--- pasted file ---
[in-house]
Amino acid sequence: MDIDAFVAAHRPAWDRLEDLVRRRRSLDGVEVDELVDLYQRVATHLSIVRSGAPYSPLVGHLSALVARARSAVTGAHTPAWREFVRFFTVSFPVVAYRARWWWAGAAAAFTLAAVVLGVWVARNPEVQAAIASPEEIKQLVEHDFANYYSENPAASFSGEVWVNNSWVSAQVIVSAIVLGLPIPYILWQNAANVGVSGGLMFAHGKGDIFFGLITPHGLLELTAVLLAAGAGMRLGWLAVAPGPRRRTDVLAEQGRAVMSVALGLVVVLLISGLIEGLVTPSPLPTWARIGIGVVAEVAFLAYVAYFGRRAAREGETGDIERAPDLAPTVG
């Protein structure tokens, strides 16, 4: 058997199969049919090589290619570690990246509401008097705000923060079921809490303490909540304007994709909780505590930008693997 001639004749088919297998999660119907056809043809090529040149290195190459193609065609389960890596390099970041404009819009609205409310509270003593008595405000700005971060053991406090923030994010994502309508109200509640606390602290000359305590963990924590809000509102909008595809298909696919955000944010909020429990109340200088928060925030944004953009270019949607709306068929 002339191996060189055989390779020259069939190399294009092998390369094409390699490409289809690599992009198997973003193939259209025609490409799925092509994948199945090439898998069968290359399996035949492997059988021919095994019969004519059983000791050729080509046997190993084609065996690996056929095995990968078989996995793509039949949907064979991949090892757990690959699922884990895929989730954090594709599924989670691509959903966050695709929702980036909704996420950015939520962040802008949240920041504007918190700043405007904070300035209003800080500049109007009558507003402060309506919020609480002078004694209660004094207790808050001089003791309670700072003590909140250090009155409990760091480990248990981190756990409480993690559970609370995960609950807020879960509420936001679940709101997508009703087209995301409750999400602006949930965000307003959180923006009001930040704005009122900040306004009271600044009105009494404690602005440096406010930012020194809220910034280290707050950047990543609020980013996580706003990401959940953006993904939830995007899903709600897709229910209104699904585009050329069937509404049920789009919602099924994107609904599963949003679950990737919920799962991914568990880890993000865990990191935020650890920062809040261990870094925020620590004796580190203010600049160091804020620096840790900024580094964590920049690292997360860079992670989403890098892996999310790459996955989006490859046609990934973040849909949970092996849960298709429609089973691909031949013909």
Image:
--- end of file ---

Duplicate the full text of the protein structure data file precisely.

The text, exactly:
[in-house]
Amino acid sequence: MDIDAFVAAHRPAWDRLEDLVRRRRSLDGVEVDELVDLYQRVATHLSIVRSGAPYSPLVGHLSALVARARSAVTGAHTPAWREFVRFFTVSFPVVAYRARWWWAGAAAAFTLAAVVLGVWVARNPEVQAAIASPEEIKQLVEHDFANYYSENPAASFSGEVWVNNSWVSAQVIVSAIVLGLPIPYILWQNAANVGVSGGLMFAHGKGDIFFGLITPHGLLELTAVLLAAGAGMRLGWLAVAPGPRRRTDVLAEQGRAVMSVALGLVVVLLISGLIEGLVTPSPLPTWARIGIGVVAEVAFLAYVAYFGRRAAREGETGDIERAPDLAPTVG
């Protein structure tokens, strides 16, 4: 058997199969049919090589290619570690990246509401008097705000923060079921809490303490909540304007994709909780505590930008693997 001639004749088919297998999660119907056809043809090529040149290195190459193609065609389960890596390099970041404009819009609205409310509270003593008595405000700005971060053991406090923030994010994502309508109200509640606390602290000359305590963990924590809000509102909008595809298909696919955000944010909020429990109340200088928060925030944004953009270019949607709306068929 002339191996060189055989390779020259069939190399294009092998390369094409390699490409289809690599992009198997973003193939259209025609490409799925092509994948199945090439898998069968290359399996035949492997059988021919095994019969004519059983000791050729080509046997190993084609065996690996056929095995990968078989996995793509039949949907064979991949090892757990690959699922884990895929989730954090594709599924989670691509959903966050695709929702980036909704996420950015939520962040802008949240920041504007918190700043405007904070300035209003800080500049109007009558507003402060309506919020609480002078004694209660004094207790808050001089003791309670700072003590909140250090009155409990760091480990248990981190756990409480993690559970609370995960609950807020879960509420936001679940709101997508009703087209995301409750999400602006949930965000307003959180923006009001930040704005009122900040306004009271600044009105009494404690602005440096406010930012020194809220910034280290707050950047990543609020980013996580706003990401959940953006993904939830995007899903709600897709229910209104699904585009050329069937509404049920789009919602099924994107609904599963949003679950990737919920799962991914568990880890993000865990990191935020650890920062809040261990870094925020620590004796580190203010600049160091804020620096840790900024580094964590920049690292997360860079992670989403890098892996999310790459996955989006490859046609990934973040849909949970092996849960298709429609089973691909031949013909």
Image: